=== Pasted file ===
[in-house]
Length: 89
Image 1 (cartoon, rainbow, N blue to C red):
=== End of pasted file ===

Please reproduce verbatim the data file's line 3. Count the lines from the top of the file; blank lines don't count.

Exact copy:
Image 1 (cartoon, rainbow, N blue to C red):